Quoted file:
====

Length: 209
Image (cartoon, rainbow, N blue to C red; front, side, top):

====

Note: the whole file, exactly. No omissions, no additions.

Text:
Length: 209
Image (cartoon, rainbow, N blue to C red; front, side, top):